Health ODA has dropped since 2010
Spain’s funding to global health stood at US$115 million in 2015. This corresponds to 5% of its total ODA, which is below the OECD Development Assistance Committee (DAC) member average of 9%. Although health is underlined as a key strategic priority in the ‘Master Plan for Spanish Cooperation 2013-2016’, this did not prevent cuts to the health sector during and after the economic crisis. Within its health ODA, Spain takes a rights-based and equity approach: it focuses on strengthening universal health coverage by supporting public health systems, as well as on tackling infectious and non-communicable diseases in developing countries.
As for the rest of its ODA, Spain chooses to channel the majority of its funding to health through multilateral organizations: 61% in 2015 (US$70 million). Most of this funding is made up of assessed contributions, such as binding contributions to the European Union (EU) (37% of total health ODA; US$42 million) and funding for the International Finance Facility for Immunization (IFFIm; 11%; US$12 million) and WHO (11%; US$12 million).
Bilateral cooperation accounts for 39% of Spain’s ODA for health in 2015. Spain focuses over one-third (35%) of its bilateral health funding on health system strengthening (HSS) followed by basic nutrition (17%), reproductive health care (14%), and medical services (5%). This largely corresponds to the priorities outlined in the Master Plan, which focuses on HSS, universal health coverage, the fight against neglected diseases, and family planning. Spain outlines access to medicines and health research and development (see Deep Dive: ‘Global health R&D’ for more details) as priorities under its global public goods (tooltipp: 2 Text: Global public goods are goods, services or resources available to all worldwide. Spain’s Master Plan defines environmental goods, peace and security, economic and financial stability, global health, and knowledge and culture as clear examples of global public goods.) policy.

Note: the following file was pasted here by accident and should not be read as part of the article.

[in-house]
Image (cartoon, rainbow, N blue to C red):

As for commitments to global health, the Spanish government pledged US$240 million to the IFFIm for 2006 to 2025. IFFIm is a long-term financing entity that makes immediate funding available to Gavi, the Vaccine Alliance (Gavi) for immunization programs by issuing ‘vaccine bonds’ in the capital market. Spain had not contributed to the Global Fund since 2010 as a result of budget constraints. At the Fifth Replenishment Conference of the Global Fund to Fight AIDS, Tuberculosis and Malaria (Global Fund) in September 2016, Spain announced that it would resume funding to the Global Fund as soon as a new government was formed. In November 2016, the Spanish Congress’ Development Committee approved an all-party resolution calling for an overall pledge of €100 million (with €30 million to be disbursed in 2017). At the Replenishment Conference, the Spanish government also announced a US$17 million contribution for the Global Fund’s Debt2Health initiative. In addition, Spain committed US$50 million for 2010 to 2015 to Salud Mesoamericana, a public-private partnership addressing health inequities in central America; however, Spain only disbursed 24% of this commitment.
MAEC defines strategic orientations, AECID implements policy
Within the Ministry of Foreign Affairs and Cooperation (MAEC), the most relevant departments covering health issues are the General Secretariat for International Development Cooperation (SGCID) and its health division. With regards to implementation, the Spanish development agency AECID covers health-related programs through its Directorate for Multilateral and Sectoral Cooperation and its regional departments (i.e., the Directorates for Africa and for Latin America), which manage bilateral programs on the ground. In addition, the Ministry of Health provides advice to MAEC and AECID on key issues, and attends some global health forums such as the World Health Assembly.